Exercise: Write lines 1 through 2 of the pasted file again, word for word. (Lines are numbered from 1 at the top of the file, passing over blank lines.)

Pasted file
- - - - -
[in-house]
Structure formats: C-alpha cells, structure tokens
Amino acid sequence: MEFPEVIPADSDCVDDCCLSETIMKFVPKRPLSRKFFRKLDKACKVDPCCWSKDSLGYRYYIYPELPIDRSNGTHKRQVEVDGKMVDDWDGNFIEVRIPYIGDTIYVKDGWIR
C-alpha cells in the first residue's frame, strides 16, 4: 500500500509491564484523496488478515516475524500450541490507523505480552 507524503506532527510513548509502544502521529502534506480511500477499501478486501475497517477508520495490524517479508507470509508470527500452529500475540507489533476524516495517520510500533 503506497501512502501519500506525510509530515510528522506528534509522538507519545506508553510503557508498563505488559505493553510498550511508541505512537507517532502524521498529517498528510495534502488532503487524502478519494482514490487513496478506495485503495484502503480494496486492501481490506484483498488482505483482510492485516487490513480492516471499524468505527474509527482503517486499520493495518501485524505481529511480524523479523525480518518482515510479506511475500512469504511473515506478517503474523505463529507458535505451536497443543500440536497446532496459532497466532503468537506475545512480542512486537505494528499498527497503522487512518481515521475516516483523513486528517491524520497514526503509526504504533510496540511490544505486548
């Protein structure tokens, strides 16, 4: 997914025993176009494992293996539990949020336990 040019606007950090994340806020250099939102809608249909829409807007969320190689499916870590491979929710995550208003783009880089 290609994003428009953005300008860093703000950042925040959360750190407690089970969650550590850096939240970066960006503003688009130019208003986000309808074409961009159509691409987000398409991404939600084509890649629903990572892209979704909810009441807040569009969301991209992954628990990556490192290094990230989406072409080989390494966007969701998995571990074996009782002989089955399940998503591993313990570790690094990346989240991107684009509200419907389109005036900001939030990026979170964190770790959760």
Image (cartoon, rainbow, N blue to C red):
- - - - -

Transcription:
[in-house]
Structure formats: C-alpha cells, structure tokens